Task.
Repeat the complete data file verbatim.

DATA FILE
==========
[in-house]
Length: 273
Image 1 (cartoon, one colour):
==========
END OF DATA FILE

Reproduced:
[in-house]
Length: 273
Image 1 (cartoon, one colour):